3. Enclosed twin mount- main battery of anti-aircraft cruisers, Sumner/Gearing class destroyers, secondary battery for modern battleships and cruisers, and on the flight deck (starboard side) of Essex class carriers.
The 5”/38 was effective against both surface and airborne targets. In the early years of the Pacific War, surface combat between ships of the US and Japanese fleets was quite common, and the 5”/38 threw more than a few rounds at Japanese destroyers, cruisers and even battleships. And as fire support for amphibious warfare became more and more critical to the war, the 5”/38 fired more and more rounds. We tend to think of the massive numbers of 6”, 8”, 14” and 16” projectiles fired by cruisers and battleships, but the fact is, stupendous numbers of 5” rounds were fired either in prelanding bombardments, or as call fires for troops ashore. Indeed, across the Atlantic, without the timely and devastatingly accurate fire of 5” guns of the destroyers in support, the landings at Omaha Beach may well have failed. Destroyers braved mined waters, potential grounding, and German counterfire to close within spitting distance of the shore to bring their 5” guns to bear. It’s worth noting that the first message V Corps sent after establishing itself ashore was “Thank God for the US Navy.”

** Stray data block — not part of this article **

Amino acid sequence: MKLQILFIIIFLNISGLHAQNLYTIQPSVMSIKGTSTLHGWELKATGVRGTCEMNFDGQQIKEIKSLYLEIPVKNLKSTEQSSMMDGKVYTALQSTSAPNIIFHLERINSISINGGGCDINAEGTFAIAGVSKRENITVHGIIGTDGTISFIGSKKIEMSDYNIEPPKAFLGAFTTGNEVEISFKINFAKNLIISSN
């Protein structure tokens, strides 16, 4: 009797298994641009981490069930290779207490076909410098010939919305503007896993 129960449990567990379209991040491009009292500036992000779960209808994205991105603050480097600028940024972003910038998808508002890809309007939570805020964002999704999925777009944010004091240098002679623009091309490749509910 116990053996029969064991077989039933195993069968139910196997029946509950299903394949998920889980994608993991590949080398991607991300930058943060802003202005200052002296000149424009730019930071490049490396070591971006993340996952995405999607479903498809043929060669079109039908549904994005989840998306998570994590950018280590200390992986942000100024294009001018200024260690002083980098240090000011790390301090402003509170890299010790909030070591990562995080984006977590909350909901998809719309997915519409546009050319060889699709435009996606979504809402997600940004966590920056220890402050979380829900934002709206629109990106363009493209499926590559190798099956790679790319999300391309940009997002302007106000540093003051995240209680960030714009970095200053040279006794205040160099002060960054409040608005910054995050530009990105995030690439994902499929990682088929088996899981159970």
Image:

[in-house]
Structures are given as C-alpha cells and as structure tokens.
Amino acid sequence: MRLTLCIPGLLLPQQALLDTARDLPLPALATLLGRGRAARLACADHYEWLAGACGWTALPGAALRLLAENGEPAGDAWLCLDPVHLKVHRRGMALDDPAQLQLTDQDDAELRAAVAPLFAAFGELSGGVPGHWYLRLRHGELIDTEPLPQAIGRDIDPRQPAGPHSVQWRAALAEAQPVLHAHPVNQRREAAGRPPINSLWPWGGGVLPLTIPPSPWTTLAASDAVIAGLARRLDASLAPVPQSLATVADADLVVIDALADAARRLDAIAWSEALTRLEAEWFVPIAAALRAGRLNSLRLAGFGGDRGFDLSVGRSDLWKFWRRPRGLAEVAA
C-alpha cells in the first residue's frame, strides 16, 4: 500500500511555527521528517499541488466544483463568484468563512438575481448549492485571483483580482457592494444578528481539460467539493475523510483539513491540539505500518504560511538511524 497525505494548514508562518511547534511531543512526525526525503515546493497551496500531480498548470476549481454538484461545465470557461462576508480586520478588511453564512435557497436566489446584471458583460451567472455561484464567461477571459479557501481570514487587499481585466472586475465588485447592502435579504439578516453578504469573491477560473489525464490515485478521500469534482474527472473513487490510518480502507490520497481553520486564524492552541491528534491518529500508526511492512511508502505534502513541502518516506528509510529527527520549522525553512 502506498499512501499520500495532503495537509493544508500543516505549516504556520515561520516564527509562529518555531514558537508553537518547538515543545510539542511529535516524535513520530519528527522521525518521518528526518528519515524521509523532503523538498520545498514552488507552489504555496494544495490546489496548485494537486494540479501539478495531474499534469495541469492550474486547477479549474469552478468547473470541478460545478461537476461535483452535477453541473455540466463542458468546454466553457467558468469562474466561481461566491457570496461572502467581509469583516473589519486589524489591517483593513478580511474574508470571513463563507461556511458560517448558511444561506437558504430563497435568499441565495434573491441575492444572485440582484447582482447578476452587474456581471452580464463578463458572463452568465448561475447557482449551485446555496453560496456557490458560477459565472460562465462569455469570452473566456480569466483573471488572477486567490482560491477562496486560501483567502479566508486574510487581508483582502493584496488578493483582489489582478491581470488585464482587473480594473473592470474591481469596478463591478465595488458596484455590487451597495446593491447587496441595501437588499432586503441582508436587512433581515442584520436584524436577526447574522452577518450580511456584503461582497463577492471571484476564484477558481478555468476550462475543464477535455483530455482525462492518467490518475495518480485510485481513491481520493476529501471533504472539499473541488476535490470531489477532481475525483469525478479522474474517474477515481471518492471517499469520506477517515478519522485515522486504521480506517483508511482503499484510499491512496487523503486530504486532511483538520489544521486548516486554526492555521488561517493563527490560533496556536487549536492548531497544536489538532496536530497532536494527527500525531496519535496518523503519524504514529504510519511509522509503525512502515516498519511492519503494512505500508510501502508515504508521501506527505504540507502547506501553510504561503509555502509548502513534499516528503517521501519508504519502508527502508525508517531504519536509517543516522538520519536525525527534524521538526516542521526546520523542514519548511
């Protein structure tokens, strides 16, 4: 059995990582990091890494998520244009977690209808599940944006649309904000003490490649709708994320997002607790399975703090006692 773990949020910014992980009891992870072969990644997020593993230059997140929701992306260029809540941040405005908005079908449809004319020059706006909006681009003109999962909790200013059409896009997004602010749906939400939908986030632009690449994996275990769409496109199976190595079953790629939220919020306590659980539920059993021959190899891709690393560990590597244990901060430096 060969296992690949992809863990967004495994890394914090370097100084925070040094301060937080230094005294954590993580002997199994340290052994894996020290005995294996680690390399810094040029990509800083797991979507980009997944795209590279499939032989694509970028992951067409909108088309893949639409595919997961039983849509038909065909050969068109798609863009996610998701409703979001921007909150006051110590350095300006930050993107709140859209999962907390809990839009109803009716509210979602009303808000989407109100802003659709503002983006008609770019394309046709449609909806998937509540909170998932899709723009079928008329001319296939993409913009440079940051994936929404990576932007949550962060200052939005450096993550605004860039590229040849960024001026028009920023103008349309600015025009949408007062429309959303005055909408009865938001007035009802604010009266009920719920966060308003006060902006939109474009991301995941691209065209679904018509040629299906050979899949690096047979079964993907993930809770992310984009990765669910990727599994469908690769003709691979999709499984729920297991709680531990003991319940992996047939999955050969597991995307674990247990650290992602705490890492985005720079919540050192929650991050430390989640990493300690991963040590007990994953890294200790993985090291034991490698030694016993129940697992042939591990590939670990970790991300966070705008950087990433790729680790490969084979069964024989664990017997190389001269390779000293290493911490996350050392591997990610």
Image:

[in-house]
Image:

The gun was designed from the beginning as an anti-aircraft weapon, but the perceived threat of the 1930s was not at all what the real threat of the 1940s turned out to be.